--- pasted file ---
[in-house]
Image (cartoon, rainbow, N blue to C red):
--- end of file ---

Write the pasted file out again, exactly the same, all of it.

[in-house]
Image (cartoon, rainbow, N blue to C red):